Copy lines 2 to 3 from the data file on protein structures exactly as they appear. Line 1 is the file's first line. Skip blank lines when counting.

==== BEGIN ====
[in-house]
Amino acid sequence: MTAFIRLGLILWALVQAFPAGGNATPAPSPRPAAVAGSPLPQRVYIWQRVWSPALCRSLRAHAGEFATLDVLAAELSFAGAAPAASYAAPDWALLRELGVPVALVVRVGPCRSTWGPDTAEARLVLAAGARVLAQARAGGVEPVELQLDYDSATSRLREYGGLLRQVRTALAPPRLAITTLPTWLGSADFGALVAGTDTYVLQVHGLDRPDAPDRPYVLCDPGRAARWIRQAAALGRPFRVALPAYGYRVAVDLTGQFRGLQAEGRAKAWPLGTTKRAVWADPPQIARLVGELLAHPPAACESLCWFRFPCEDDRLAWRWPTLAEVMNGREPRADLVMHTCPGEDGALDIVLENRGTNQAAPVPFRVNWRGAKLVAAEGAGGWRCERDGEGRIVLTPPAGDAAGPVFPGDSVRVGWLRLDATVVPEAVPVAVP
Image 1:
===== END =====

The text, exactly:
Amino acid sequence: MTAFIRLGLILWALVQAFPAGGNATPAPSPRPAAVAGSPLPQRVYIWQRVWSPALCRSLRAHAGEFATLDVLAAELSFAGAAPAASYAAPDWALLRELGVPVALVVRVGPCRSTWGPDTAEARLVLAAGARVLAQARAGGVEPVELQLDYDSATSRLREYGGLLRQVRTALAPPRLAITTLPTWLGSADFGALVAGTDTYVLQVHGLDRPDAPDRPYVLCDPGRAARWIRQAAALGRPFRVALPAYGYRVAVDLTGQFRGLQAEGRAKAWPLGTTKRAVWADPPQIARLVGELLAHPPAACESLCWFRFPCEDDRLAWRWPTLAEVMNGREPRADLVMHTCPGEDGALDIVLENRGTNQAAPVPFRVNWRGAKLVAAEGAGGWRCERDGEGRIVLTPPAGDAAGPVFPGDSVRVGWLRLDATVVPEAVPVAVP
Image 1: